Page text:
Sandy Kiddoo, the newly appointed president of Northland Community and Technical College, said she intends to do a lot of listening and learning in her first few months on the job, but she’s already looking at ways her experience can benefit the school.

Kiddoo’s first day as president was on July 1. She was appointed to the position on April 21 by the Minnesota State Colleges and Universities Board of Trustees. She came to NCTC after serving as chief academic officer of Hazard Community and Technical College in Kentucky. There she led efforts to create and implement a strategic academic master plan, adopt a long-term facilities plan and added needed manufacturing programs to support local employers.

Kiddoo spoke with the Herald on Thursday, July 15, about relocating to East Grand Forks, and her ideas for NCTC. Running through that conversation was the theme of improvement, about building on the successes of today for the needs of tomorrow.

“Part of how I always focus (my) life is what can I do better tomorrow than what I did today?” Kiddoo said. “It's not saying that there's anything wrong with what I'm doing, it's just that I want to get better. I think that's the kind of culture I really want to promote here. I'm going to be pushing that a lot to individuals.”

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Kiddoo is stepping into a successful program. Northland’s graduation rate is higher than the combined average of other Minnesota state colleges, but Kidoo thinks it can be better, particularly in light of the labor shortage. It’s her goal to improve that rate, and get more students through the doors and retain them year-to-year. Doing so, she said, enhances the economic vibrancy of the community, both in terms of raising graduates’ earning power, and providing skilled workers for local businesses.

“My first thought is let's get more students to graduation,” she said. “Let's really put our resources and energy behind that.”

In the technical college world, attrition is a factor for a number of reasons. “Jobbing out” is one of them, which happens when a student leaves school for full-time employment. Kiddoo said she wants to engage with employers who have hired Northland students, on supporting them through to graduation.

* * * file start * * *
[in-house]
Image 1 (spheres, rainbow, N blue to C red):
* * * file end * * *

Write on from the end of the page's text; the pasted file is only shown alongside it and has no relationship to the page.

And students sometimes leave for financial or family reasons. She said Northland does a good job of supporting students there, but her philosophy is to always find ways to make things better. She said she wants to make sure the school has all the necessary services to make sure students are supported, so they can complete their education.

When it comes to attracting more students, Kiddoo said focusing on adults that don’t have the credentials they need to change careers or move up in a company is an untapped market, one the school can focus on as an area for growth. The traditional 18-year-old student will always be an important target, so improving programs and adding needed areas of study are ways to give younger people a reason to stay local.

And Kiddoo said she likes the local area. She moved to East Grand Forks in mid-June, giving her just enough time to change her driver’s license and check out the nearby supermarket before starting her job. Dining out has been a treat, and a change from the rural Appalachian town of Hazard where she worked before. She said she likes Up North Pizza Pub and she’s looking forward to dining at other local favorite places. The farmer’s market, held downtown on Saturdays, has also been fun. Kiddoo said she likes locally grown and made foods. She bought lefse recently, and it wasn’t the first time she’d had it.

“I’m from Wisconsin, so I had to do that,” Kiddoo said.

Before serving as chief academic officer of Hazard Community and Technical College, Kiddo was vice president of academics at Mid-State Technical College in Wisconsin from 2015-2018. Prior to that, she was education director for transportation and electronics, and then associate vice president of instruction, with the Wisconsin Technical College System.

Kiddoo earned a bachelor’s degree from the University of Wisconsin at Green Bay, and a master’s degree from Capella University. She received a doctorate from the University of Wisconsin at Madison.

At Northland Kiddoo will lead the largest community and technical college in northwest Minnesota, with more than 4,000 students learning in over 80 programs. The school is spread out between two campuses in East Grand Forks and Thief River Falls, which includes an aerospace site. She earns $200,000 per year as president.